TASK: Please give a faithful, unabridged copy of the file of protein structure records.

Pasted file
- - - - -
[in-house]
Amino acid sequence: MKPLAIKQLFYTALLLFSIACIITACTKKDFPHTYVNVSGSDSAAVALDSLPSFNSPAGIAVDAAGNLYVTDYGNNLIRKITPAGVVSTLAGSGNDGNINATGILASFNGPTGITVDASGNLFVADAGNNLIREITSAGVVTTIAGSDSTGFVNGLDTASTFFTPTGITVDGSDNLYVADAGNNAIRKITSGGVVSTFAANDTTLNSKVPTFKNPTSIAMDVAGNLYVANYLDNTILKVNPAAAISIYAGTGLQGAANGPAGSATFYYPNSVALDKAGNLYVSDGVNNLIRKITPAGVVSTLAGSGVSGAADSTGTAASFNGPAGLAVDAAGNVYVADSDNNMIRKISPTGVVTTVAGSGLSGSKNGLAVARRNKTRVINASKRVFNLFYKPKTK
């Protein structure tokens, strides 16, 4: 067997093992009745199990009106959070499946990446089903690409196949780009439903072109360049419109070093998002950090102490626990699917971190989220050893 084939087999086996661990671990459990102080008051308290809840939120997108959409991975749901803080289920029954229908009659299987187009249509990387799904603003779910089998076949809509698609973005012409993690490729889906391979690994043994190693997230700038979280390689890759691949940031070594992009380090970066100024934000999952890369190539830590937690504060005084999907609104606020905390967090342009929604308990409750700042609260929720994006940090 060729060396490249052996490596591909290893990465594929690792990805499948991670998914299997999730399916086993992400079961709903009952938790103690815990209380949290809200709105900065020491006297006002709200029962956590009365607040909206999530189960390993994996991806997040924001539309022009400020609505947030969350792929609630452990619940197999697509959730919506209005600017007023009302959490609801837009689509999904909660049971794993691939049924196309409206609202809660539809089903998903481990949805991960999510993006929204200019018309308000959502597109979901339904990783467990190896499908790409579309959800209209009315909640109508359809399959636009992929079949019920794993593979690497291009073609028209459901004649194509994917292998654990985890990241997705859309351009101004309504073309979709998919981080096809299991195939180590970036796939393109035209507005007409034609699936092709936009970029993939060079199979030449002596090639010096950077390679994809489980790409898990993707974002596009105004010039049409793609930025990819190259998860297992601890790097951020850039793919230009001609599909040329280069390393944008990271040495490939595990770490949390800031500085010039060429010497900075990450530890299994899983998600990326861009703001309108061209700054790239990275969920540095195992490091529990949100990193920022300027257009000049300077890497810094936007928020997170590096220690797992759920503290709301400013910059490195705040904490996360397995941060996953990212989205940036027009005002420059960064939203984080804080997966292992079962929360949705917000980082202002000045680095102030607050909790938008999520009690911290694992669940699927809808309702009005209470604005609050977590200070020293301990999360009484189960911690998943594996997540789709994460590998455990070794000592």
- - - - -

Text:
[in-house]
Amino acid sequence: MKPLAIKQLFYTALLLFSIACIITACTKKDFPHTYVNVSGSDSAAVALDSLPSFNSPAGIAVDAAGNLYVTDYGNNLIRKITPAGVVSTLAGSGNDGNINATGILASFNGPTGITVDASGNLFVADAGNNLIREITSAGVVTTIAGSDSTGFVNGLDTASTFFTPTGITVDGSDNLYVADAGNNAIRKITSGGVVSTFAANDTTLNSKVPTFKNPTSIAMDVAGNLYVANYLDNTILKVNPAAAISIYAGTGLQGAANGPAGSATFYYPNSVALDKAGNLYVSDGVNNLIRKITPAGVVSTLAGSGVSGAADSTGTAASFNGPAGLAVDAAGNVYVADSDNNMIRKISPTGVVTTVAGSGLSGSKNGLAVARRNKTRVINASKRVFNLFYKPKTK
């Protein structure tokens, strides 16, 4: 067997093992009745199990009106959070499946990446089903690409196949780009439903072109360049419109070093998002950090102490626990699917971190989220050893 084939087999086996661990671990459990102080008051308290809840939120997108959409991975749901803080289920029954229908009659299987187009249509990387799904603003779910089998076949809509698609973005012409993690490729889906391979690994043994190693997230700038979280390689890759691949940031070594992009380090970066100024934000999952890369190539830590937690504060005084999907609104606020905390967090342009929604308990409750700042609260929720994006940090 060729060396490249052996490596591909290893990465594929690792990805499948991670998914299997999730399916086993992400079961709903009952938790103690815990209380949290809200709105900065020491006297006002709200029962956590009365607040909206999530189960390993994996991806997040924001539309022009400020609505947030969350792929609630452990619940197999697509959730919506209005600017007023009302959490609801837009689509999904909660049971794993691939049924196309409206609202809660539809089903998903481990949805991960999510993006929204200019018309308000959502597109979901339904990783467990190896499908790409579309959800209209009315909640109508359809399959636009992929079949019920794993593979690497291009073609028209459901004649194509994917292998654990985890990241997705859309351009101004309504073309979709998919981080096809299991195939180590970036796939393109035209507005007409034609699936092709936009970029993939060079199979030449002596090639010096950077390679994809489980790409898990993707974002596009105004010039049409793609930025990819190259998860297992601890790097951020850039793919230009001609599909040329280069390393944008990271040495490939595990770490949390800031500085010039060429010497900075990450530890299994899983998600990326861009703001309108061209700054790239990275969920540095195992490091529990949100990193920022300027257009000049300077890497810094936007928020997170590096220690797992759920503290709301400013910059490195705040904490996360397995941060996953990212989205940036027009005002420059960064939203984080804080997966292992079962929360949705917000980082202002000045680095102030607050909790938008999520009690911290694992669940699927809808309702009005209470604005609050977590200070020293301990999360009484189960911690998943594996997540789709994460590998455990070794000592």